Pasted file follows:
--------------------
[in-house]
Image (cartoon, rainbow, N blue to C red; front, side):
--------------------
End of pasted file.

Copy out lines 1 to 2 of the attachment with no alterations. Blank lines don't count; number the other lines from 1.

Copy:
[in-house]
Image (cartoon, rainbow, N blue to C red; front, side):